Dace are fascinating fishes. They are popular with specimen hunters, match fishermen and pleasure anglers alike, as well as serving like a ‘canary in a cage’ to tell us much about the health of the waters they inhabit. Dace are also eager to oblige the angler in virtually all conditions, be that under full sunshine or even when a frost paints the river banks. They can also be caught on everything from bread, hemp and maggots through to wet and dry flies and even small fry or lures. In so many ways, this ‘Prince of the ‘Stream’ can be considered the gamest of our coarse fishes.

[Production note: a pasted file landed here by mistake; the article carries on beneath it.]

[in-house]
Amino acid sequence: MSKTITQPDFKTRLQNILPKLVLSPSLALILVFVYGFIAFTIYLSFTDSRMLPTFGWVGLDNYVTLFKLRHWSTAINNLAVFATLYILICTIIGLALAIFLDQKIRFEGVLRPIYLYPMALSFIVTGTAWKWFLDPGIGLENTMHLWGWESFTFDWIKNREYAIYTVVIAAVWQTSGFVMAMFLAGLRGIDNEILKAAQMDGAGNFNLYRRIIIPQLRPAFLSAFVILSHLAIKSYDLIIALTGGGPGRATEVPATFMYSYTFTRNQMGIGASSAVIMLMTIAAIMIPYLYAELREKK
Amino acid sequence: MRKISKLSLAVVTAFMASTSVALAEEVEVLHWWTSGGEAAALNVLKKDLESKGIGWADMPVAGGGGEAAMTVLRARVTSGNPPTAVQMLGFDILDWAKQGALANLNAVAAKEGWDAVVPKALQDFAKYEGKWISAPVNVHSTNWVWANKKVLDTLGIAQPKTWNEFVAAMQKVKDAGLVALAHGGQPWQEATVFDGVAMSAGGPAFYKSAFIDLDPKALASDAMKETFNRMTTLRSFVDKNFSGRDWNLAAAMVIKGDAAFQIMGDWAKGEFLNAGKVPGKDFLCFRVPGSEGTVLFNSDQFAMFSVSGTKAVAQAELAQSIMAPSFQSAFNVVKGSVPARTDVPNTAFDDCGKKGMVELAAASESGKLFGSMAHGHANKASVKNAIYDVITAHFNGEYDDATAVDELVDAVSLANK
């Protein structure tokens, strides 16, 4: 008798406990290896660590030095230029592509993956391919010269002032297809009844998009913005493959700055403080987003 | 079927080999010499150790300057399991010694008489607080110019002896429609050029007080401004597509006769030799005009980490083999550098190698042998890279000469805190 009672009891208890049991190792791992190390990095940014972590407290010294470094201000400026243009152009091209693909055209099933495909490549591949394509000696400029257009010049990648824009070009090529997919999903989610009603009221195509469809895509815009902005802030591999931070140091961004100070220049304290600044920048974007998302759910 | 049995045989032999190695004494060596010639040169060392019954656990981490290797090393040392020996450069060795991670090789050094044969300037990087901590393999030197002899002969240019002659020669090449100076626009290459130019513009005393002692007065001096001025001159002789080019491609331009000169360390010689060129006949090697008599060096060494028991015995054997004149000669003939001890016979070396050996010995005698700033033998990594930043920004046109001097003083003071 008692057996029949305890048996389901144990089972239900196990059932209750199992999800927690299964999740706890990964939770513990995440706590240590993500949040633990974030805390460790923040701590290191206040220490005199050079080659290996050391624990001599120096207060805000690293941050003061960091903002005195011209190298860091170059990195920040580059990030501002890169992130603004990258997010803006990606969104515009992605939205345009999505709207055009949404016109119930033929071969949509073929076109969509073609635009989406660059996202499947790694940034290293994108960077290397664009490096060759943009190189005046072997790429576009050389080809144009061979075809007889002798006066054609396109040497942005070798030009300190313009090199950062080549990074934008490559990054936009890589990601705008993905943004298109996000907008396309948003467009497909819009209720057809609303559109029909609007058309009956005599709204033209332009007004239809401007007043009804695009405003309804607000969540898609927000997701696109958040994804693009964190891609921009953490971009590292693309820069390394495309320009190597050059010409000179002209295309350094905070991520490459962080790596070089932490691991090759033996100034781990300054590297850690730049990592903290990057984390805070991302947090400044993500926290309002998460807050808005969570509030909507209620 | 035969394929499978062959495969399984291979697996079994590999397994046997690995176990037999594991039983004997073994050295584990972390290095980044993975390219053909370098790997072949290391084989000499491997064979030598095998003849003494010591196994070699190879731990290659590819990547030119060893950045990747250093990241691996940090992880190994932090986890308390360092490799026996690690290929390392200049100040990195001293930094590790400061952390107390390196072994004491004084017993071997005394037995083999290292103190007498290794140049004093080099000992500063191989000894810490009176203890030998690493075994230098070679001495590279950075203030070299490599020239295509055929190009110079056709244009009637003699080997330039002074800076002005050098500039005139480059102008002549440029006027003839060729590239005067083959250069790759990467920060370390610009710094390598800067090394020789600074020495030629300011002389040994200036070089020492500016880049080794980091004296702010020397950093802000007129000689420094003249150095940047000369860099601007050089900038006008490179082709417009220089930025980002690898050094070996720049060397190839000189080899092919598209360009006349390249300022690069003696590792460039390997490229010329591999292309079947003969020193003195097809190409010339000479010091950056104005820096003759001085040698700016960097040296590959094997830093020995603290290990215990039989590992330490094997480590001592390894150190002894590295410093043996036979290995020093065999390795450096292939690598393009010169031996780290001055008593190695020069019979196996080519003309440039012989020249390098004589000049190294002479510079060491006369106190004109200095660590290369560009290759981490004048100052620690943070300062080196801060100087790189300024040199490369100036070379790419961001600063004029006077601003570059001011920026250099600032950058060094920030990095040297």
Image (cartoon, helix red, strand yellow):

Perhaps it is surprising that ‘Dace: The Prince of the Stream’ is only the second book ever dedicated solely to this charismatic and widespread coarse fish. (The ‘How to Catch them’ book on dace was published well over 50 years ago.) This new book, generously illustrated in full colour, covers all aspects of the natural history of the fish, angling approaches, and the cultural context of the dace. These diverse dimensions are brought to life by well-respected scientist, author and broadcaster, Dr Mark Everard, who has a special affection for dace.